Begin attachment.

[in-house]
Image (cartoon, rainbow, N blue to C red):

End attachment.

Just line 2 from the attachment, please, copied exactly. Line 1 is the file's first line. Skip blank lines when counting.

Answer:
Image (cartoon, rainbow, N blue to C red):